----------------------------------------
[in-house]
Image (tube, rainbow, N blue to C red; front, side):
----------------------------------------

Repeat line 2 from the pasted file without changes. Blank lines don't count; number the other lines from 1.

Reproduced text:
Image (tube, rainbow, N blue to C red; front, side):